Asia’s First Upper Arm Double Hand Transplants Performed at Amrita Hospital

by Rishika Gupta on Sep 27 2017 8:27 PM

Asia’s First Upper Arm Double Hand Transplants Performed at Amrita Hospital
A 19-year-old girl who lost both her hands in a road accident last year has finally received the upper arm double hand transplants by Amrita hospital’s medical team.
Shreya Siddanagowda, chemical engineering student of Manipal Institute of Technology, is the only daughter of Suma Nuggihalli and Fakirgowda Siddnagowders. Shreya received both hands from Sachin, a deceased 20-year-old college student who suffered a fatal head injury after a motorcycle accident.

On September 2016, on the way back to her college, the bus overturned crushing both her hands on the spot. Due to severity of the accident, Shreya’s hands had to be amputated from the elbow level.

Shreya was devastated and was emotionally shaken. Four months later, she began using the prosthetic limbs, but was unhappy as these did not allow her to do most of the basic tasks.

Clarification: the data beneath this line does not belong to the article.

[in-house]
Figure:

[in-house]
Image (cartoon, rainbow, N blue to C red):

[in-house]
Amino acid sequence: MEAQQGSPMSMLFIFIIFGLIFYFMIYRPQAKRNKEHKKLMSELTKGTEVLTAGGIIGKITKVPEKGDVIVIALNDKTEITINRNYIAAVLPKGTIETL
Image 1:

For the Asia’s first upper-arm double hand-transplant, Dr. Subramania Iyer, HOD of Plastic & Reconstructive Surgery, Amrita Hospital, led a team of 20 surgeons and a 16-member anesthetic team in a surgery that lasted 13 hours.

After the surgery, the surgeon exclaimed that the upper arm transplants were more challenging than those performed at the wrist or forearm level. He said that it was because of the complexity involved in identifying and connecting the corresponding nerves, muscles, tendons and arteries that adds to the difficulty.

Shreya’s body has successfully accepted the donor’s hands and is also showing good signs of recovery. “Shreya is currently undergoing a regime of movements for her fingers, wrists and shoulders. The elbow movements are planned to be started in a couple of weeks. We expect that she will regain 85% of hand function in the next one-and-a-half years,” said Dr Mohit Sharma, who along with Dr. Ravishankaran played lead roles in the surgery.

Shreya has been discharged from the hospital with a follow up intensive physiotherapy and rehabilitation programme.

On seeing the transplanted hands, she was very grateful to Sachin’s family and claimed to be feeling great. She also said that given some years time she hopes to lead a near normal and happy life, she also wants to continue her studies and fulfill the dreams that she had before the accident.

In addition to this remarkable surgery, Amrita hospital has completed three successful hand transplants in the past 3 years, with two of the patients already on jobs.